Hugo's blog

April 30: Resting at Camp 2

We’ve done everything we can to make camp 2 a comfortable place to rest and recuperate as much as one can at 21,300 feet. The mountain, however, is not cooperating as much as it could! We’ve spent two days here trying to rest and recover. The 50 mile per hour winds buffeting the slopes of the South Col haven’t made it as comfortable as we’d like. These high winds are forecast to last for at least another 24 hours before the weather takes a milder turn.

April 28: Camp 2 over 21,000 feet !

We rose early from the tents at camp 1 anxious to reach Camp 2 and 21,000 feet. Situated higher on the mountain, Camp 2 is much more expansive than camps 1, 3 and 4. It generally serves as a form of ‘advanced base camp’ providing some of the luxury that we became accustomed to at basecamp. Again, we have tents for the climbers with a separate, larger tent for us to gather, cook and eat in more comfort. We will stay at camp 2 for several days finding the time to make a trip up to camp 3 as we continue our acclimatization. 

Apr 27: Camp1

It was an early departure from the comforts of basecamp as we rose at 3AM to climb through the icefall to Camp 1 with the Sherpas moving ahead of us to set up the camp. We arrived in good form and settled into Camp 1 to adjust to the altitude. The Sherpas continued on to Camp 2 carrying more of our equipment. Later that morning, the largest avalanche I’ve ever seen came off the face of Nuptse crashing down into the Western Cwm. The blast from the avalanche was strong enough to knock Nima, one of the Sherpas on our expedition, off the route into a crevasse.

Apr 26th- Prepped for progress!

It was a solid day of preparation for moving up the mountain! After bidding farewell to Anna, a Swedish trekker who joined our group for the past several days, we prepared for a climbing day tomorrow. We spent our time in camp organizing gear, clothing, food, snacks and equipment in preparation for our journey up through camp one and even higher on the mountain. With good weather, we will be at it early, moving up through the icefall and onto the glacier to the environs of camp 1 at over 20,000 feet.

Apr 25: Coping with a strange day

Today has been a difficult day in the High Adventure Expeditions base camp as Nawal came to the decision that he will not be climbing Mount Everest this year. This morning, Nawal announced that he has decided to go home. After Nawal made his decision, Dendi worked hard wheeling and dealing and was able to arrange for a helicopter flight back to Lukkla, where Nawal will wait for his flight back to Kathmandu. The rest of us have spent our day coping with this news and his departure.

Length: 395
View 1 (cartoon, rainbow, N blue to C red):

Apr 24- Camp 1 and back

Today Amit and I took our fist steps above base camp on an acclimatization climb. After reaching our temporary camp one, we enjoyed some fantastic views of Everest’s North col and the Lhotse face before returning to basecamp. Camp one is generally situated around 20,000 feet, just above the icefall so it was an important day for us as we expose our bodies to thinner air.

Basecamp living

Climbing on Mount Everest is a complicated balance of physical and psychological preparation. The extremes in temperature and altitude are matched by the emotional extremes climbers face as they push highter up the mountain. A comfortable basecamp can physically and pschologically prepare us for the difficulties we are sure to face at higher camps.

April 23: Helicopter on rest day?

After a chilly night in camp, -13˚C / 9˚F we woke up to a much needed day of rest and recuperation and stayed around our basecamp. After several days of acclimatization hikes, icefall practice, and camp work, it was time to catch up on laundry and even take showers. While existing in an environment like Everest basecamp, the relaxation of a rest day seems that much more precious. Our Sherpas didn’t have the luxury of a rest day, however, as they completed yet another carry of equipment to camp 2.

April 22- Acclimatization

In order to climb Mount Everest, we literally have to change our bodies. Over a period of weeks, through a complicated physiological process, our bodies gradually become more able to gather and distribute what little oxygen there is at these higher elevations. In order to take most advantage of this process we ‘climb high and sleep low’ to gradually expose our bodies to the thinner air but allow recuperative time sleeping at the lower elevation of basecamp.

April 21st: training in the icefall

Our climbers have been working hard on a training route established in the icefall. We have been crossing ladders, ascending ropes and abseiling (rappelling)— practicing for our travels up the mountain. It was hard work but the skills learned and practiced here will make our time on the mountain safer and more efficient. While we were training, the Sherpas made their second trip to camp 2 bringing another load of supplies up to 21,300 feet to establish a comfortable perch partway up Mount Everest.


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